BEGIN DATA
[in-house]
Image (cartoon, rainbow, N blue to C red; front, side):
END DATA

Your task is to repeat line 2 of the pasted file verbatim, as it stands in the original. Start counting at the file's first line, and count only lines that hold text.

Image (cartoon, rainbow, N blue to C red; front, side):